The Imagine Project: Culture and the role of civic engagement


We recently held the fourth Imagine project annual event on the theme of ‘culture and the role of civic engagement’ and we’d like to share a little bit of the experience with other Connected Community people. Below is a summary of the day, written by our Digital Communications Officer, Sarah Hollely

The Imagine: connecting communities through research project is a five-year programme of research which is exploring the way people engage with their communities and with wider society through taking an active role in civic life.  We experience civic engagement through lived experience, and we imagine better futures through that lived experience, through art, through building, through locality and through writing and expressive forms.

The Imagine project involves a wide range of UK and international universities and community organisations and is funded by the Economic and Social Research Council (ESRC) and Arts and Humanities Research Council (AHRC) under the Connected Communities programme.

Each year we hold an event to bring together all of the participants from across the project which has four themes: social, historical, cultural and democratic. The wide ranging, interdisciplinary scope of the Imagine project has brought complexity and challenges but we have also learned so much from one another along the way. .  Learning about civic engagement requires the development of relationships with our communities in a sustained way. Co-produced research is key to the Imagine project’s way of working. We have learned about the different ways in which communities can do research for themselves through our project. Our emerging findings have highlighted key issues that can inform the development of positive community-university partnerships. It was therefore important to us that our event, described below, was co-produced and reflected the hopes, aspirations and dreams the communities we have worked with.

This year we focused on culture.  Working with our artist in residence, Steve Pool, we invited Imagine project participants to plan activities to explore the theme of culture in their own research and bring films, visual art, narrative, artefacts and objects to represent their work.


Video Thumbnail


A short film by our Artist in Residence, Steve Pool, which captures the day


We also invited a group of speakers for a public talk and discussion: Kim Streets (Museums Sheffield), Paul Ward (University of Huddersfield), Mariam Shah (Who is your neighbour) and leading cultural thinker Francois Matarasso on Culture and the City. Mariam Shah shared her inspiring journey as a community researcher with the Imagine project, how her understanding of her own background has grown and with it her confidence.  In Francois’s key note speech ‘More in common: meeting one another through art and culture’ he talked about feeling that our society is very divided today, frighteningly so, with so much bitterness, anger and hatred being expressed in our public space. He spoke about how our public space is changing and developing rapidly with the internet and new technologies and how along with the wonderful possibilities that this brings, public discourse is also becoming increasingly intolerant of any kind of difference.  His reflections on the “power of art to create a safe space for people to meet, think and express themselves in a dangerous time.” resonated strongly and reinforced the value of art in what we do. He explained, “Art is tolerant of ambiguity, hesitation and uncertainty. It is the opposite of the angry claims and vague promises that nourish politics and the media. It accepts that things are complicated and that there might be more than one answer – or perhaps no answer at all. And it is equally accommodating of difference, allowing us to explore other ways of seeing, feeling, hearing and being without requiring us to make judgements about them. Through art we can walk in another person’s shoes and we might find that they’re not as strange or uncomfortable as we expected. Through art and culture we can go beyond our differences without abandoning them to find what we have in common without feeling threatened by what makes each of us unique.”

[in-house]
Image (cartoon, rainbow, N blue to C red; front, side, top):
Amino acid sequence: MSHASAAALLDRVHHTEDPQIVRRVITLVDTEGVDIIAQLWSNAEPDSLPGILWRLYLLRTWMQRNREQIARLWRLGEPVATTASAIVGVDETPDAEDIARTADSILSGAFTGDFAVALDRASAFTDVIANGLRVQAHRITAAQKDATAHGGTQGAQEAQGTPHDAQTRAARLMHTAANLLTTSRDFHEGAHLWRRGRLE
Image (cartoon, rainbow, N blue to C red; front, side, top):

During the event itself we explored culture, defined here as “the way of life, general customs and beliefs, of a particular group at a particular time”. Culture refers to the cumulative deposit of knowledge, experience, beliefs, values, attitudes, hierarchies, notion of time, roles …  We took the opportunity to “walk in another person’s shoes” by listening to different perspectives, learning about each other’s research and hearing the voices of our community partners which came through so strongly in the creative work shared.


Themes of the day included:

  • Resilience and culture
  • Revisiting the Community Development Projects of the 1970’s
  • Culture and the lived experience of modernism – the case of Park Hill